This week, I would like you to work on key number skills with numbers to 20. If your child is confident in all aspects of numbers to 20, you can go beyond 20 to challenge them. If your child is not yet confident with numbers 1-10 then you can continue to work on these numbers.
- Practise counting up to 20, and down from 20. Can you do this LOUD, can you do it quietly, can you do it in a silly voice, or in an opera voice?
-As you count up to 20 and down from 20, can you make up a pattern? For example, clap on 0, tap your head on 1, clap on 2, tap your head on 3, clap on 4, tap your head on 5 etc.... or jump on 20, hop on 19, jump on 18, hop on 17 etc... You could use this as an opportunity to talk about odd/even numbers.
- Put the number cards 10-20 in a bag or box, or face down on the table or floor. Pick out a number card. If your number card is 13 for example, can you count up from 13 to 20? Start counting at 13 and stop when you reach 20. So you would say 13, 14, 15, 16... until you reached 20. Can you count down from 13 until you reach 0? So you would say 13, 12, 11, 10, 9, 8....etc until you reached 0. Then pick another number.
-Can you put the numbers 10-20 in the correct order? Use your number cards. How fast can you put them in order? Try to beat your time! You could make this more challenging by having to go and find your numbers like a treasure hunt!
-Once your number cards are in order, play a game with somebody in your house. Close your eyes whilst they turn over a card in the number line, so you can't the see the number. Do you know which number they turned over? Don't forget to justify your answer. For example 11, 12, 13, 14, 15, ?, 17, 18, 19, 20 "I know that 16 has been turned over because it is one less than 17 and it comes after 15." Then you could turn one over for somebody else to guess.
-Practise counting amounts accurately. You could do this by choosing a number and building a lego tower with the right amount of bricks in. You could help to count out the vegetables needed for dinner, you could help to count the socks in the laundry! Remember to say each number as you touch or point to the object. Sometimes it is easier to put your objects into a straight line too. Don't forget it is always a good idea to check your answer in Maths.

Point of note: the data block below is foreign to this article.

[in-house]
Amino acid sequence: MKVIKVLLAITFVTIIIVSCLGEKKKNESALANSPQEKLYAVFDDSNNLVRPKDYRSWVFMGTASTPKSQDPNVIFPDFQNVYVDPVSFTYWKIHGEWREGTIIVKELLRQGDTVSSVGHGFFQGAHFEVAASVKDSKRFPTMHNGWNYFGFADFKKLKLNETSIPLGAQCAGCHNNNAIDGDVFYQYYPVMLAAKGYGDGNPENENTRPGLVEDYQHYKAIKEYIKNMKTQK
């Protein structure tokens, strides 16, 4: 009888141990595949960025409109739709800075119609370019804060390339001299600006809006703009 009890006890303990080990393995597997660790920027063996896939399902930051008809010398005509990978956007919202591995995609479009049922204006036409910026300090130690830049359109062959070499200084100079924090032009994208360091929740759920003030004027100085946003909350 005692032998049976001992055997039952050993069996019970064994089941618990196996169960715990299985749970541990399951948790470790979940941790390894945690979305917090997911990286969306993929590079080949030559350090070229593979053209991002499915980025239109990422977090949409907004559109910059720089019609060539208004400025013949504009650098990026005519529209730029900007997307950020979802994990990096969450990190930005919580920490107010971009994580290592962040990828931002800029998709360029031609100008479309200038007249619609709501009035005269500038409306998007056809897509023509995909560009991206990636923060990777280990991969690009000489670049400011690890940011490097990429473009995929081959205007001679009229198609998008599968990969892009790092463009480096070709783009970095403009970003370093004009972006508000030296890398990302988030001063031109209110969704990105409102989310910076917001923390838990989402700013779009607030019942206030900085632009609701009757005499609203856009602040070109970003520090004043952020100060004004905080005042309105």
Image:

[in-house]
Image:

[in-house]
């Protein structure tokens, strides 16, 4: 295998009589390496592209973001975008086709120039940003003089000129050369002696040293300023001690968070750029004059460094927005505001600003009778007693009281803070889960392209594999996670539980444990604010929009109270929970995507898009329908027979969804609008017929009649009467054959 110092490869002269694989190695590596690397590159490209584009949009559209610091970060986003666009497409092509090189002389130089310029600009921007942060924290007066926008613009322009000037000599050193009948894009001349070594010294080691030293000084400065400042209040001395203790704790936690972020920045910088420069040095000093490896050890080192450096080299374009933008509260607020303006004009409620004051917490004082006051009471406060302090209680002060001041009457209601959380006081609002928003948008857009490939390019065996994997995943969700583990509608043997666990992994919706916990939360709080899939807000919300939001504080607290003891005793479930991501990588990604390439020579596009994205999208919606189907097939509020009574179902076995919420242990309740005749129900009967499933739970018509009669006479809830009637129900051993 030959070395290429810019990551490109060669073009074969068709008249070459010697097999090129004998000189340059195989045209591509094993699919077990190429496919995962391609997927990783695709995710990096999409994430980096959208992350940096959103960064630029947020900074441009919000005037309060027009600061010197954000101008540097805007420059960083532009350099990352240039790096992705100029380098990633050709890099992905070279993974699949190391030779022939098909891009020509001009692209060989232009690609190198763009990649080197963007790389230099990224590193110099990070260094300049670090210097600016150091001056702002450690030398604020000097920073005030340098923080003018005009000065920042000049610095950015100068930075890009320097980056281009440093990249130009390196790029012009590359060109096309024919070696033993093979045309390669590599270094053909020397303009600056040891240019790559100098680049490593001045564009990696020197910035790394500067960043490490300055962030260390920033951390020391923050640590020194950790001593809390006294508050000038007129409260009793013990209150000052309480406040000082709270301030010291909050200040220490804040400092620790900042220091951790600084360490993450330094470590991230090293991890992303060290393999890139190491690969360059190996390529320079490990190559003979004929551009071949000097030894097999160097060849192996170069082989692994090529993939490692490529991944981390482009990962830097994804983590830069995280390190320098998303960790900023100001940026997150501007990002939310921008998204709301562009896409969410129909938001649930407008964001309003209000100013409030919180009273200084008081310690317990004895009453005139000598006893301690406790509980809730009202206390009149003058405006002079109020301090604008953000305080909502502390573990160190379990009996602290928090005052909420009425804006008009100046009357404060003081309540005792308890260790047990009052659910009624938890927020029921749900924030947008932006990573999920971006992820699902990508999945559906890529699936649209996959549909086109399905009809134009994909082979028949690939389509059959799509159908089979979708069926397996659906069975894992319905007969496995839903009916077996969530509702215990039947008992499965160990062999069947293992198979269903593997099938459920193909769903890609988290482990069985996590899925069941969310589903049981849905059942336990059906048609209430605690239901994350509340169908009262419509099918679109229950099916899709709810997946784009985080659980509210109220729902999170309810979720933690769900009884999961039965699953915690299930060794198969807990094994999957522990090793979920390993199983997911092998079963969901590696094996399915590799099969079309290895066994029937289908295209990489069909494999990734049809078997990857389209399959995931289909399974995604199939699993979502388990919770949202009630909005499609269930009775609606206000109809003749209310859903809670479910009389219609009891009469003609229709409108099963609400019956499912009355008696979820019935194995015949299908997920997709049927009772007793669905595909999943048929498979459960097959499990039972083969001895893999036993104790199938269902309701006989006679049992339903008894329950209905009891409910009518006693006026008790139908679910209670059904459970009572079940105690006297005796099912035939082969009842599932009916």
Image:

Try and say the rhyme as you have a go at forming the numbers. Be creative with how you practise. You could use your finger in the air, use a magic wand or silky scarf to form the numbers in the air, paint the numbers, get somebody to draw the number on your back with their finger as you listen to the rhyme, draw the number on somebody else's back and say the rhyme, do big number with chalk outside, make the numbers out of playdough...
If you cannot access the PowerPoint, I will post a picture of the rhymes below.
Can you design and label a robot using 2D shapes? You might want to print out some different 2D shapes to cut and stick, you could draw around things to make the 2D shapes or you could use a computer. Remember, 2D shapes are flat shapes so your picture will be a flat picture. Think about the different shapes you could use, will your robot have a square head? A triangle body? Hexagon buttons? As you draw your robot make sure you describe the shapes you are using. E.g. “I am using circles for eyes because they are round.” or “I am using rectangles for legs because they have 2 long, straight sides and 2 short sides.” or “I am using triangles for teeth because I like how they have pointy corners.” Don’t forget to label your robot afterwards, you could write the names of the shapes you have used and what they are for. E.g. “Triangle laser eyes”, “Circle on switch”.
Using lots of recycling from around your house, can you build a 3D model of your robot? This means your robot will not be flat like your 2D shape drawing was. You could use things like cereal boxes, shoeboxes, toilet roll tubes, bottle tops, the possibilities are endless! As you make your robot talk about the different 3D shapes you are using. E.g. “I am using a tissue box for the head, it is a cube. This means my robot will have a square face.” or “I am using toilet roll tubes for the arms, I like how they have curved faces. They are like cylinders.”
Word Problems Using Counting On Skills
Practise solving some word problems using the counting on skills we learnt last week. Try and do one or two each day this week. You can use objects or a draw the jumps on a number line, whichever one you find easiest. It might be more fun for your grown up to write some word problems for you. This way they can include things like your friends names and food you like! If you get really good solving the word problems, why not have a go at asking your grown up so solve some word problems that you have made up!
Making Magic Potions for Capacity
Have fun making magical potions, I wonder if they will turn you into a wild thing? Or I wonder if they are secret fairy recipes? Make sure you have lots of different sized containers to fill, pour and empty. You could also use things like spoons and ladles. As you make your potion, explain things like this: "I need 4 spoons of blue water." "I need half a cup of leaves." "I need one squeeze of orange juice." "I need a full jug of bubbles." "This container will hold more red water than this container." You might be interested in the numbers on the measuring jug if you have one, work with your grown up to explore what these mean and how you can use them to measure in ml.